The world's tallest tree is found in northern California - it's a redwood that stands 379 feet tall. This tree and its relatives are the largest single organisms in the world, but just how big can these trees really get?
To put into some perspective the size of Giant Sequoias and Coast Redwoods - the two tree species most capable of creating super-sized members - these trees are on average about three times as long as a blue whale, and sixteen times the mass. And there's plenty of incentive for trees to grow as tall as they can, as it allows them to get more sunlight, and thus more energy, than their shorter counterparts.
Trees might go on growing forever if it wasn't for gravity. The higher up trees grow, the more energy is needed to transport water from the root system to its leaves or needles up top. That means the leaves or needles will get smaller and smaller, until the amount of energy they can gain from photosynthesis is outweighed by the energy expended in order to haul up water in the first place. At that point, there's no point for the tree to keep growing, and it stops.
So what, precisely, is the upper limit for the world's biggest trees? According to biologists at Northern Arizona University, this cutoff point is somewhere between 400 and 426 feet - perhaps nearly fifty feet taller than any tree currently in existence, although it's thought that even taller trees have died or been cut down in the past.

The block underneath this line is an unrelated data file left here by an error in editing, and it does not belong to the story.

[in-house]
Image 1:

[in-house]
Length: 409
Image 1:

So why do redwoods grow so tall? Northern California has the perfect mix of good soil, nice climate, and plenty of rain for the trees to grow tall. These excellent conditions mean that tons of trees can thrive, which in turn means they need to grow as high as they can to get access to sunlight. It's basically like there's too much of a good thing, which is what causes these trees to grow to such tremendous sizes.
So then, if we want to see trees reach their absolute maximum height, we may need to cram in even more sequoias and redwoods into northern California, forcing them to grow still higher to get sunlight. Of course, if we want to see a 400-foot tree in our lifetime, we really will have needed to plant all these new trees back in the 1600s. So, if you'll excuse me, I need to go invent a time machine...for purely arboreal purposes, you understand.
Via LiveScience. Image via.